Big data, meet big money: NIH funds centers to crunch health data
Calling the world’s wealth of health data a formidable “engine of discovery,” the National Institutes of Health on Thursday awarded $32 million in grants in a bid to make huge biomedical data sets accessible to researchers the world over.
NIH Director Dr. Francis Collins said the Big Data to Knowledge, or BD2K, initiative expects to invest $656 million over the next seven years to collect, analyze, catalog and disseminate research findings, genomic analyses, imaging scans and electronic health records. Made available broadly, that mass of data would allow researchers to glean new insights to improve health, Collins said.
Among the challenges to be worked out under the initiative is how researchers can share data gleaned from electronic medical records without compromising the privacy of patients.
Of the 12 “centers of excellence” to be established under the BD2K initiative, four California institutions -- UCLA, USC, UC Santa Cruz and Stanford University -- will be tapped to play a major role. Collectively, the four universities are to be awarded $7 million in 2014 and are slated to receive close to $38 million over the next four years.
Project descriptions show that researchers at UC Santa Cruz will develop novel ways to comb through mountains of genomic data to discover cancer-causing genes and drugs that will effectively target them. Stanford University’s Center for Expanded Data Annotation and Retrieval will attempt to render a huge repository of infectious disease data into digital forms that will allow researchers to compare dissimilar studies and detect patterns in their findings.
At UCLA, researchers at the Geffen School of Medicine and the Samueli School of Engineering and Applied Sciences will work with five other institutes -- including Scripps Research Institute -- under an initial $1.5-million grant. The researchers will start by mining the cloud to generate data on protein markers for cardiovascular disease. That will be the test bed for a broader effort -- worth $11 million over the next four years -- to develop tools for accessing, standardizing and sharing biomedical data.
The BD2K initiative will establish two centers of excellence at USC, expected to bring in a collective $23 million over the next four years and $1.75 million in the fiscal year that began Oct. 1. Both centers will leverage the university’s unrivaled collection of brain imagery, samples and other data to make advances in neuroscience as well as bioinformatics.
Under the umbrella of a project called the ENIGMA Center for Medicine, Imaging and Genomics, USC neuroscientist Paul Thompson will gather 307 scientists in 33 countries, along with their biomedical data sets. The group will comb through epidemiological and genomic data and brain scans of all sorts to hunt for the causes of -- and prospective treatments for -- a range of brain diseases, including autism, depression, multiple sclerosis, Parkinson’s and schizophrenia.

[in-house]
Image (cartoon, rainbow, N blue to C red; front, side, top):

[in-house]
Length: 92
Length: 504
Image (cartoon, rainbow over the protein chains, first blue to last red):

Using cell and brain samples collected from about 30,000 patients across the globe, a team led by USC neuroscientist Arthur Toga will develop data management strategies, computational methodologies and software tools to store, analyze and visualize such a vast trove of information.
In an interview, the two underscored that the challenge of storing and making sense of the accumulation of data collected by neuroscientists has become an obstacle to advancements in the field.
Studies that use such data generate volumes of information that are simply too big to be transferred electronically, Thompson said. To review the whole-genome sequencing performed on 815 subjects with Alzheimer’s disease recently, the researchers said they watched delivery trucks disgorge boxes and boxes of disc drives for weeks at a time.
“That’s not a scalable solution” Thompson said. If the enigmas of mental illness and degenerative disease are to be cracked, Toga added, “there have to be solutions” that allow scientists across the globe to collaborate on such research.
Similar challenges hamper efforts to glean additional insight from large disease-oriented research projects such as the Cancer Genome Atlas, which examines the genomic underpinnings of more than 30 types of cancer, and the ENCODE Project, which seeks to identify all functional elements in the human genome.
“The potential of these data, when used effectively, is quite astounding,” Collins said. As the BD2K initiative generates tools to allow the widespread dissemination and analysis of such data, “the whole will be greater than the sum of its parts,” he said.
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